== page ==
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Trade-off in agriculture: Food production vs. pollution

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Thursday, 22 November 2012

Trade-off in agriculture: Food production vs. pollution

Agriculture remains a major threat to water quality in Europe, according to the latest report by the European Union’s environmental agency. But farmers and EU policymakers also highlight the trade-off between conservation objectives and pressure to increase food production.
The European Environment Agency, in a new assessment, reports that 48% of streams and lakes in the EU will fail to meet good ecological status by 2015 as required by the 2000 Water Framework Directive. Excessive nutrients from fertilisers are a leading problem, with one consequence being the growth algae that chokes off oxygen to fish and plant life in lakes, streams and bays.
“Agricultural production is becoming increasingly intensive, with high input of fertilisers and pesticides, in turn resulting in significant loads of pollutants to the water environment through diffuse pollution,” the EEA says in the report.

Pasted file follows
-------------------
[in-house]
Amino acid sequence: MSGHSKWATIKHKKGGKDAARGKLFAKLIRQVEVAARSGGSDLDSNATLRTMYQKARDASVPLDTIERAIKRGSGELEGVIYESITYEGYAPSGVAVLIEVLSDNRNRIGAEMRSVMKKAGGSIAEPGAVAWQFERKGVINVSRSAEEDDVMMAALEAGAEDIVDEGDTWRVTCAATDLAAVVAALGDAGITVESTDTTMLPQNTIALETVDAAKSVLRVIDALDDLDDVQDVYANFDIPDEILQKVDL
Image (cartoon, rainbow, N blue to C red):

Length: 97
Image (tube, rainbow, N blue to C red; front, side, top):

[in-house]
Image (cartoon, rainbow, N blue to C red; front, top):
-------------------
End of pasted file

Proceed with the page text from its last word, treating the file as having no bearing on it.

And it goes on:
But the fight against pollution runs head-on with concern about food security.
There is growing pressure, in Europe and internationally, for farmers to be more productive to address tighter food supplies, rising prices and a population forecast of 9 billion – from 7 billion today – by mid-century.
In this context, some experts say there has to be a mix of practices to both feed and protect a growing planet.
Ben Woodcock of the British National Environment Research Council advises farmers – and policymakers – to mix intensive farming with the development of buffer areas and natural habitats that can protect water bodies, improve soil quality and nurture wildlife work as pollinators and prey on pests;“The problem is it can’t go both ways. If you keep damaging crop land, if you keep reducing the overall area of semi-natural habitats, these ecosystem services will actually decline,” he told EurActiv.


Source: Euractiv